2012-01-11 17:56:00 GMT
Part 1 of 2
Happy New Year! Today’s blog post is all about helping our users find a digital photography workflow that will help them gain better control over their digital image assets.
Getting organized is cited as one of the Top 10 New Year’s resolutions made by Americans year after year, according to the National Association of Professional Organizers, who have proclaimed January as GO (Get Organized) Month.
In the 21st century, getting organized no longer applies to just those things that are right in front of us - our overflowing drawers and cabinets, our messy garages and our piled-high counter and desktops - but also the gigabytes and gigabytes of data stored in our computers and the ways we work with that data. Just because something is out of sight doesn’t mean it isn’t out of control!
With image processing workflows that need to handle batches of hundreds of images, and libraries that can run to tens of thousands of files, digital photography workflow is something can make or break a professional photographer. Knowing that it’s the time spent out in the field shooting that pays the rent, the pro photographers in our midst work constantly to improve and streamline their workflows to develop a highly individualized process that produces quality results at maximum speed and efficiency. That’s why ACDSee photo editing and management software has never constrained the user to a specific process, and instead gives the individual photographer a range of options for rating, tagging, storing, and generally moving images through the process and off to filing and/or publishing. This flexibility lets ACDSee users customize a workflow according to their unique needs and preferences.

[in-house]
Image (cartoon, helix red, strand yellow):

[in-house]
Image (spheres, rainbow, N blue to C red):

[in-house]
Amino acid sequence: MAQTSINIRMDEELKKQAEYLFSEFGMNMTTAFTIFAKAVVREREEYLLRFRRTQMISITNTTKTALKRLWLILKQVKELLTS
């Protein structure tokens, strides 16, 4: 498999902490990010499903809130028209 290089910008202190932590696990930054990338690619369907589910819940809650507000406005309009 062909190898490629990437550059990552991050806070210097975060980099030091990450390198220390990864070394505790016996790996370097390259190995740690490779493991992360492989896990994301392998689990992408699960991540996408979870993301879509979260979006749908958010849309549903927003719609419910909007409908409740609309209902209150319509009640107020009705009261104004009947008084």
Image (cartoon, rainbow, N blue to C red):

For the professional photographers in our community who are looking for some inspiration or a better, faster way to get it done and get back behind the lens, we highly recommend a visit to dpBestflow.org. The site, an initiative of the American Society of Media Photographers (ASMP) and supported by the US Library of Congress, is an exhaustive resource and offers best practices for digital photography and workflow, including workflow guides designed to match a wide variety of working styles. (Side note: much of the content on dpbestflow.org was adapted from “The DAM Book for Digital Photographers” by Peter Krogh; another terrific resource.)
But what if you are simply an enthusiastic amateur who’s decided that 2012 is THE year in which you’ll tame your large, unruly image collection and get your digital image assets under control once and for all? Where do you even start?
We asked a member of our product team who’s passionate about photography and also incredibly well organized, to describe how he uses ACDSee Pro 5 to organize his growing image library:
AN EASY WAY TO ORGANIZE YOUR IMAGES WITH ACDSee
With ACDSee (either Pro or Standard), you have access to the live file system. This means that you can use ACDSee to browse your Windows or Finder file structure as you like to organize your files. Many people have different approaches to organizing their files, and each method satisfies different needs. The term for this is “Digital Asset Management”, essentially collecting data (like photos and videos), organizing it into an archive, and conveniently recovering it later. With ACDSee, a common way to approach organization is to first organize your files into a logical file structure, and then apply a second level organization that leaves the files where they are while providing more information about them for finding them later. This approach is offered with the layout of the Manage mode of ACDSee.